Friday, December 25, 2009

home network and backups: NAS convenience & simplicity

Merry Christmas! My gift to you is sharing some home networking and backup information!

The Dream:
...will start with a dream. This is... the Cadillac of home storage. The Drobo with SATA option. Considered it, but didn't go this route for our home network due to price. But you should check it out:

SATA, hot swappable, plenty of space for the next decade, and the way RAID is implemented for you makes it basically bulletproof for all your images, movies, music, software assets, etc. Even if 2 drives fail at once, your data is secure. That level of reliability comes with a high price tag, about $2500 ($800 for the chassis, $350 per each 2TB SATA drive). Overkill, but pretty awesome.

A More Reasonably priced setup:
Settling for less bulletproof, but with an affordable price and convenience... price tag only is about $119 per TB - a big discount to DroboS greatness.

Figure 1: Back of the Envelope design layout

The following outlines this configuration and setup for the home:

- NAS1 - 1 TB network attached storage (NAS) attached to your wireless router or Airport Extreme Base Station (AEBS) - (chose these MiniMax Hard Drives: same form factor as AirportExtreme, USB or Firewire, relatively quiet, $119 each via Amazon)

- NAS2 - another identical 1 TB drive daisy chained via USB

- you can configure AEBS (and other routers) to let drives attached to it to be shared drives between computers. If you have access to the wireless 802.11 network, you get access to the drives. In addition can password protect the drives themselves (beyond the 802.11 authentication), or require user authentication if you wish (easily setup).

- each Mac is set up to use NAS1 as it's source for music, movies, etc. -- can configure this in iTunes. Move your movies, and music to the spot on the NAS, and tell iTunes this is its 'home' for purchases, etc. -- this way you do not have to store 60, 80, 100 GB or however much music + movies + images on your laptop itself, but it's on the shared network drive. It has another added benefit if you're using any devices which consume iTunes media (E.g. aTV), in that these devices will effectively sync through the NAS through iTunes on your computer. If you're planning on using these media files for awhile you'll want them on expandable drive, instead of laptop harddrives which will fill up. (requires less management/time to organize)

- buffer size: any device that uses iTunes, or your computer in a client-server relationship will then be set to sync with the shared drive, not at your hard drive. There's a little added latency, but not much if you're on 802.11n, and you can set the buffer size on iTunes to "large" which means that you will download more of the song or movie first before playing it (less stuttering during playback)

- as of Snow Leopard's release, you can use network attached storage as TimeMachine backup destinations. Therefore, configured NAS2 to be the backup for both laptops.

- only extra item is that TimeMachine unfortunately does not allow you to backup from one NAS to another, only works from your computer's harddrive to the TimeMachine destination drive. This is something hopefully Apple will address in future releases. We want to back up from NAS1 to NAS2 and make sure that any shared drives on NAS1 also get backed up in case of failure. One option for dealing with this: write an rsync shell script that runs via cron, this is one way:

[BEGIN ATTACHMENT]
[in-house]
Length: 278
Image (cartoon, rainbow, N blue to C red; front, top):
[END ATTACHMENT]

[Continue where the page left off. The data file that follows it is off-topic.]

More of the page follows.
- movies, photos, images on a NAS to prevent you from using up space on laptop hard drive
- configure iTunes to use the NAS & therefore media through shared drive
- automatic backups from laptops to NAS2 via TimeMachine
- automatic scheduled backups from NAS1 to NAS2 via rsync script running on cron

...once setup, makes managing your digital assets less time consuming or worrisome.

Here are some links I found useful, if you're interested in going down this path:
- AEBS sharing drive:
- TimeMachine backups allowed on AirPort Extreme:
- Mac's synch-ing from a directory on NAS:
- iTunes over NAS via Airport disk:
- iTunes sharing libraries:

Friday, December 18, 2009

DNS hijack - high level explanation

A bunch of servers exist throughout the internet which map friendly human readable names (, to IP addresses. These are DNS servers (Domain Name System servers) -- phonebook for the internet. When you type in "" to see his latest transgression admission, along the way DNS is queried and you are directed to the mapping to that IP address which presents the html and images of Tiger's statement.

A DNS hijack... is when the evil doers redirect the mapping, to a mapping of their own choosing. E.g. instead of pointing to twitter's actual IP address, they point it to the IP of their own website where they can display whatever they want. (hey, maybe Tiger never admitted anything, and it is an ongoing DNS hijack?)

Once they have accomplished the hard part of hijacking DNS... it's very easy to create a landing page that looks identical in every way to the real site, but is in fact run by someone else. Look, Virginia, it even has the same URL. Looks legit, but is not. When people try to log in, the criminals setting up these sites can simply grab and store the username and password of the person attempting to login (phishing) for malicious uses.

So when/how can you be sure? HTTPS and SSL certificates can ensure that the site you are attempting to reach is the actual site. The site has been "notarized" in effect by an SSL cert, and while the evil doers can fake the look of a site and in some cases can even hijack the domain name (as they did with Twitter), they can't fake an SSL cert** -- it is bound to the domain name itself. (Not all sites use https and ssl certs)



** can't fake an SSL cert... unless the cert was encrypted using an MD5 hash, and the hacker had access to one or more PlayStation3's. ;)